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Monday, March 21, 2011

A New Novel, Part 169 Where is Natalya?

For those who haven’t been following this blog, let me introduce it a little. I am currently blogging my 21st novel that has the working title Daemon. The novel is about Aksinya, a sorceress, who, to save her family from the Bolsheviks, called and contracted the demon, Asmodeus. Her family was murdered anyway, and she fled with the demon from Russia to Austria.

When Ernst took Aksinya to the Opera the night before, Natalya helped get Aksinya drunk to the point that she couldn't stand.  Aksinya wakes in the morning...

Ernst didn’t kiss Aksinya that evening, at least she had no recollection that he kissed her. She wished he had. She didn’t remember much at all. In the morning, she woke with a splitting headache. A strange whiff of incense and sulfur touched her nose. Someone was opening the shutters of her windows. Aksinya didn’t open her eyes, “Don’t let the sun in Nata. I’ve told you so many times.”

“I’m not the Lady Natalya,” came Sister Margarethe’s voice.

Aksinya jerked to a sitting position and was overcome with dizziness. Her head ached. She held her head in her hands and fought down the nausea that enveloped her. Finally, between clenched teeth, she forced, “Where’s Nata? Where is she?”

Sister Margarethe sat on the side of the bed, “I have no idea. I assumed you sent her on an errand last night. She asked me to take care of you last evening, and she said I was to wake you in the morning.”

“You’ve seen her this morning?”

“No. She last spoke to me when Herr von Taaffe brought you home drunk again.”

Aksinya’s eyes widened, “Where is she? We must find her.”

“I’m certain she is fine. She seemed to be off on something important.”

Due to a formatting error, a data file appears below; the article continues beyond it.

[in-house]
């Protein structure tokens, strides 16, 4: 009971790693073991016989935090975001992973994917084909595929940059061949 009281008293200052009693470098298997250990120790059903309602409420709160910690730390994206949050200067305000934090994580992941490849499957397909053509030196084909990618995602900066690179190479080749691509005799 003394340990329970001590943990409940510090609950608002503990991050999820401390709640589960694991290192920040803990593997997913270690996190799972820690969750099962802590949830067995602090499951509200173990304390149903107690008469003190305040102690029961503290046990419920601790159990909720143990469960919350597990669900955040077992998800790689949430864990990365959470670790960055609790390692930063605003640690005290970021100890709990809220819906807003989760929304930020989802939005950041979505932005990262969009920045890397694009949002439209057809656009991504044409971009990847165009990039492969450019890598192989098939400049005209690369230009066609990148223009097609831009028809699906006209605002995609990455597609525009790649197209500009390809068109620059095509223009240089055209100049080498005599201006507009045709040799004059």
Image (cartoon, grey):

“She can’t be fine. She can’t be. Why are you speaking so nonchalantly about this?”

“Let me help you with your bath. I’ve already drawn it for you.”

Aksinya was suddenly listless. She allowed Sister Margarethe to pull her out of bed and remove her nightgown. The nun helped her into the bath, “I’ll bring your morning tea and breakfast in a moment.”

Aksinya sat in the warm tub with her hands clasped together. She heard her sitting room door open and close. She couldn’t remember a waking moment when Nata was not at her side. This seemed too strange to her. Aksinya stared at her hands. Her eyes opened wide, the faint line of new scar crossed the many others on her left hand. She couldn’t imagine how it could have happened. She hadn’t done that kind of magic in a while. Finally, the sitting room door opened again. She heard Sister Margarethe as she directed the novices. The door shut again, and Sister Margarethe stepped into the bathroom, “Are you ready to get out, Countess?”

Aksinya nodded.

Sister Margarethe helped her out of the tub and dried her. She put a dressing gown around Aksinya’s shoulders, and led her into the sitting room. Sister Margarethe poured the tea and served Aksinya breakfast. That’s when Aksinya finally caught a whiff of it. Aksinya lifted her head and enunciated a couple of Latin words. She hadn’t practiced any sorcery in a while. The crucifix between her breasts heated immediately, but Aksinya knew it then. Sister Margarethe had been touched with sorcery. Her room had a definite scent of incense and under that, the sink of sulfur. Aksinya understood there could only be one source for it—it had to be that cursed demon, Asmodeus.

She didn’t know what to do. She had no idea where Natalya had gone. She wasn’t certain she could get anyone to help her. Sister Margarethe was convinced that Natalya had just gone out on an errand. Aksinya couldn’t appeal to her or to anyone in this world except… She began to pray. She wasn’t certain it would do any good, but she reasoned prayer couldn’t hurt. If Natalya didn’t return soon, Aksinya would call the demon that evening and demand that he come to her—explain everything to her.